Over at NRO’s Media Blog, Kevin Williamson notes this intriguing item on the sharks circling the good ship Gray Lady:
The Sulzberger family will have to choose one of these rich men to bail them out—there are a lot of Sulzbergers, the family fortune has all but disappeared, and few of them have jobs. They’ll choose the rich man who mollifies or tricks or seduces them better than the others.
. . . So far Carlos Slim is, rather astoundingly, the one who is most successfully positioning himself as Arthur’s buddy… Slim’s game is to bit-by-bit secure, or indenture, increments of the company that, in not so many months, can give him control—all the while assuring Arthur that he is still running the paper.
That’s exactly the same strategy my friend Conrad Black used to gain control of The Daily Telegraph from Lord Hartwell in 1986. Hartwell assured the ancien régime there was no need to worry — this chap Black was just some provincial money man from Canada, useful as a source of cash but strictly a passive investor with no ambition to run a newspaper in London. Substitute Mexico for Canada, New York for London, and it all sounds very familiar — although Hartwell looks like a towering genius next to a bungler like Sulzberger.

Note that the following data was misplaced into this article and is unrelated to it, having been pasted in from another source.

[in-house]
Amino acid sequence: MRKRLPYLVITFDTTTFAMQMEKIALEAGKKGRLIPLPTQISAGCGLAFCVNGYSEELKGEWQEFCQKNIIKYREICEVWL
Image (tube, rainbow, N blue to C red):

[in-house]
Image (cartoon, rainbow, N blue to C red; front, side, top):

I remember Rupert Murdoch being very impressed at Conrad’s stealthy (and cheap) acquisition of the Telegraph. It seems unlikely he’d sit back and watch it happen all over again in New York.